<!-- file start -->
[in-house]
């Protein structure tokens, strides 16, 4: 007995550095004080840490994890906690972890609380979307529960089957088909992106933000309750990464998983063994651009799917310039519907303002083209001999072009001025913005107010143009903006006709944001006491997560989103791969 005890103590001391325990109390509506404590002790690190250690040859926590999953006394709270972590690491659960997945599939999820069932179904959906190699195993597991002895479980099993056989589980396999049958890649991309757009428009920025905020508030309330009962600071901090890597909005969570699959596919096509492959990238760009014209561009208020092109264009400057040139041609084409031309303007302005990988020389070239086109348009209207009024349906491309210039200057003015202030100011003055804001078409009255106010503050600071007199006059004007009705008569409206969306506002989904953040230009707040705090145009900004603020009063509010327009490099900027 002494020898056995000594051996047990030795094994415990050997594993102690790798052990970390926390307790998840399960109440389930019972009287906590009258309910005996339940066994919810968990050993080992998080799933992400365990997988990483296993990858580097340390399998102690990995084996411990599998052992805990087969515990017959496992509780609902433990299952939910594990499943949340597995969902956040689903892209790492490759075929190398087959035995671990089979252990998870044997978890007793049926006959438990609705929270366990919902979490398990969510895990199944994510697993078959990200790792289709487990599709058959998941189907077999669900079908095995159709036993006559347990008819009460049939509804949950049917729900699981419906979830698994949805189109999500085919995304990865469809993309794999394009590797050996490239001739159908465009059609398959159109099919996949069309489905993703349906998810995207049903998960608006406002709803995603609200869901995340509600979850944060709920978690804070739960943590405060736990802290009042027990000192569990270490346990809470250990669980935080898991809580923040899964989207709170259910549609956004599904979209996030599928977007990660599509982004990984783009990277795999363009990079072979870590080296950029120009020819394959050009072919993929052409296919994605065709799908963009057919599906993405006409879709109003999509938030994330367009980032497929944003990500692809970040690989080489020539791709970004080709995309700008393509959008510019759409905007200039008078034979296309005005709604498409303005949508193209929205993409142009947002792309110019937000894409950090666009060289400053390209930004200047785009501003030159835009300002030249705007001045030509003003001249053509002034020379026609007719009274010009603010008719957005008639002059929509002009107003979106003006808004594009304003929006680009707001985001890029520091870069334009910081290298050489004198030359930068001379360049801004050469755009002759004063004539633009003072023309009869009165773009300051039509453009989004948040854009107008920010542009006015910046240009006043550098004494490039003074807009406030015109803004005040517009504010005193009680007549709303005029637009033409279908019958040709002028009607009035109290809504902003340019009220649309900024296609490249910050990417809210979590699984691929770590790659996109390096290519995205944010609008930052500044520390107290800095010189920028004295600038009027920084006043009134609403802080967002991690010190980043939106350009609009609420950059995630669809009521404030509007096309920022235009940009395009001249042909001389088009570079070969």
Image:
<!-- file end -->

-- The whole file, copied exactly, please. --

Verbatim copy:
[in-house]
């Protein structure tokens, strides 16, 4: 007995550095004080840490994890906690972890609380979307529960089957088909992106933000309750990464998983063994651009799917310039519907303002083209001999072009001025913005107010143009903006006709944001006491997560989103791969 005890103590001391325990109390509506404590002790690190250690040859926590999953006394709270972590690491659960997945599939999820069932179904959906190699195993597991002895479980099993056989589980396999049958890649991309757009428009920025905020508030309330009962600071901090890597909005969570699959596919096509492959990238760009014209561009208020092109264009400057040139041609084409031309303007302005990988020389070239086109348009209207009024349906491309210039200057003015202030100011003055804001078409009255106010503050600071007199006059004007009705008569409206969306506002989904953040230009707040705090145009900004603020009063509010327009490099900027 002494020898056995000594051996047990030795094994415990050997594993102690790798052990970390926390307790998840399960109440389930019972009287906590009258309910005996339940066994919810968990050993080992998080799933992400365990997988990483296993990858580097340390399998102690990995084996411990599998052992805990087969515990017959496992509780609902433990299952939910594990499943949340597995969902956040689903892209790492490759075929190398087959035995671990089979252990998870044997978890007793049926006959438990609705929270366990919902979490398990969510895990199944994510697993078959990200790792289709487990599709058959998941189907077999669900079908095995159709036993006559347990008819009460049939509804949950049917729900699981419906979830698994949805189109999500085919995304990865469809993309794999394009590797050996490239001739159908465009059609398959159109099919996949069309489905993703349906998810995207049903998960608006406002709803995603609200869901995340509600979850944060709920978690804070739960943590405060736990802290009042027990000192569990270490346990809470250990669980935080898991809580923040899964989207709170259910549609956004599904979209996030599928977007990660599509982004990984783009990277795999363009990079072979870590080296950029120009020819394959050009072919993929052409296919994605065709799908963009057919599906993405006409879709109003999509938030994330367009980032497929944003990500692809970040690989080489020539791709970004080709995309700008393509959008510019759409905007200039008078034979296309005005709604498409303005949508193209929205993409142009947002792309110019937000894409950090666009060289400053390209930004200047785009501003030159835009300002030249705007001045030509003003001249053509002034020379026609007719009274010009603010008719957005008639002059929509002009107003979106003006808004594009304003929006680009707001985001890029520091870069334009910081290298050489004198030359930068001379360049801004050469755009002759004063004539633009003072023309009869009165773009300051039509453009989004948040854009107008920010542009006015910046240009006043550098004494490039003074807009406030015109803004005040517009504010005193009680007549709303005029637009033409279908019958040709002028009607009035109290809504902003340019009220649309900024296609490249910050990417809210979590699984691929770590790659996109390096290519995205944010609008930052500044520390107290800095010189920028004295600038009027920084006043009134609403802080967002991690010190980043939106350009609009609420950059995630669809009521404030509007096309920022235009940009395009001249042909001389088009570079070969």
Image: